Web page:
Shadowing the Board (Part 1)

Selecting the future leaders of a company has always been a pain point for organizations. While some organizations believe in bringing in flesh blood, picking someone from the inside has always won the maximum votes.

One option has been the formation of a ‘Shadow Board’. It’s not a new idea; it’s one which has been tried, tested, discarded or nurtured in a lot of companies. While some CEO’s believe that the shortcomings outweigh the benefits, Mr. Mahindra from Mahindra & Mahindra believes that it is how it is done that is more important. Then there are also organizations which agree to the benefits of the shadow committee but do not feel the requirement of forming one. While an extended leadership team exists in many companies, the purpose differs from place to place.

Our company has recognized the benefits of forming a shadow board and trying it out. Succession planning has been picked as one of the focus areas. I am extremely fortunate that I was picked to be part of the core planning and implementation team. So to begin with let’s try and figure out what companies have done so far.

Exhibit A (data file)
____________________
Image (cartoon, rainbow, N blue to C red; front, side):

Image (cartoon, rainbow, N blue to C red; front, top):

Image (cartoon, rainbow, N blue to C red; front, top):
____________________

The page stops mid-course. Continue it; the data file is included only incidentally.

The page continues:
I’ve observed a few companies and picked out common features amongst them:

  • The ‘Shadow Board’ typically consists of 6-10 members. Sometimes, it’s made to shadow the existing Management Committee but the size rarely extends to beyond 10.
  • The qualifying members are from the middle management. A few companies focus on maintaining an age group from 30-36 but this may vary.
  • The team has the freedom to choose 3-4 areas of focus. The existing MC rarely gives them defined projects.
  • The members are changed from anytime between 6 months to 2 years.
  • The Shadow team is given access to any information they require connected to their focus area – be it Finance, Legal, IT or HR.
  • Mentoring this team is given high importance. The mentorship team has members from the board often including the MD.

What is important to run this however, is the top management support. This alone decides the fate of this initiative. In a few companies, the extended leadership team has died with the change in CEO’s.

We’ll discuss the selection of this team in my upcoming posts.

Do you have an extended leadership team/Shadow board in your organization? If yes, how effective is it? How is it run?

 

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